My adoption story is far from perfect, and I feel sad about it very often. But as often as I’m sad and hurt by it, I’m so incredibly grateful for it. Before my son, I was lost. I let my mistakes and my pain define who I was. I have learned so much from striving to be great for him. He is my motivation, my courage, and the reason I’m a fighter now. One day, I’m going to meet this beautiful boy that I created through more than just pictures. I will be able to stand up before him, and tell him all that I am now because of him.

Now, I am strong. I have determination and drive. I am his birth mom. I am a wife to the best husband I could have dreamed of, and a step mom to a crazy but beautiful little girl. I am someone who has big dreams and never gives up hope, even when it’s hard to find. These are my identities. The good ones and the bad ones. This is who I am, and I’m proud of it.

My name is Jackie and I'm a new blogger here at BirthMom Buds.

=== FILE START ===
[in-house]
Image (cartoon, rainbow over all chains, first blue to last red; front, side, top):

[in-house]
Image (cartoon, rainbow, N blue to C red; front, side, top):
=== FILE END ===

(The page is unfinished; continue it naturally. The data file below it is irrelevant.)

Thursday, May 19, 2016

Living in Fear

I live in a constant state of fear and anxiety.

When my phone rings, the anxiety leaves. When I receive pictures, the axiety leaves.

But sometimes my phone doesn’t ring and no pictures come in.

Visit delays, excuses, visit delays, excuses.

I have no control.

Communication is my everything.

I just want my phone to ring again.  I want to see his face again.

Friday, May 13, 2016

On the Outside Looking In


I believe all birth mothers feel like they are on the outside of their child's lives at one point or another. As my son has grown older I have come to accept this constant feeling that envelopes me. I'm not exactly sure how we go through different phases on our journey or what makes us move into these phases, but I have noticed very clearly a change in these kind of feelings within the past year.